Computer Vision Technology Helps Analyze Michigan Dam Collapse

New Brunswick, N.J. (June 26, 2020) – Rutgers engineers have created a 3D model of last month’s devastating break in the Edenville Dam in Michigan, using the emerging technology of computer vision to analyze a smartphone video posted on social…

Rutgers’ William Roberts, inventor of air-inflated greenhouses, dies

New Brunswick, N.J. (June 9, 2020) – Rutgers University–New Brunswick faculty are available to discuss the late William Roberts, who had a 41-year career at Rutgers and invented the air-inflated greenhouse covering system that revolutionized agriculture worldwide. Roberts, a Distinguished…

Rutgers Expert Can Discuss Artificial Intelligence and Art

New Brunswick, N.J. (June 1, 2020) – Rutgers University–New Brunswick Professor Ahmed Elgammal is available for interviews on the future of art and creativity in the age of artificial intelligence (A.I.). “As artificial intelligence becomes an increasing part of our…

How a Magnet Could Help Boost Understanding of Superconductivity

Physicists have unraveled a mystery behind the strange behavior of electrons in a ferromagnet, a finding that could eventually help develop high temperature superconductivity. A Rutgers co-authored study of the unusual ferromagnetic material appears in the journal Nature.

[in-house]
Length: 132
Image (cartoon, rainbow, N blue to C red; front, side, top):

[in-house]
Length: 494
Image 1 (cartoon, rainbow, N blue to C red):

Robot Uses Artificial Intelligence and Imaging to Draw Blood

Rutgers engineers have created a tabletop device that combines a robot, artificial intelligence and near-infrared and ultrasound imaging to draw blood or insert catheters to deliver fluids and drugs. Their research results, published in the journal Nature Machine Intelligence, suggest that autonomous systems like the image-guided robotic device could outperform people on some complex medical tasks.

New Software Tests Asphalt Performance More Efficiently

New Brunswick, N.J. (Feb. 26, 2020) – Rutgers University–New Brunswick researchers have created a software tool that more efficiently analyzes how asphalt performs, saving transportation agencies time and money. As performance testing for asphalt pavement has evolved, the focus has shifted…

New Robot Does Superior Job Sampling Blood

In the future, robots could take blood samples, benefiting patients and healthcare workers alike. A Rutgers-led team has created a blood-sampling robot that performed as well or better than people, according to the first human clinical trial of an automated blood drawing and testing device.

High-Tech Printing May Help Eliminate Painful Shots

Painful hypodermic needles may not be needed in the future to give shots, inject drugs and get blood samples. With 4D printing, Rutgers engineers have created tiny needles that mimic parasites that attach to skin and could replace hypodermic needles, according to a study in the journal Advanced Functional Materials.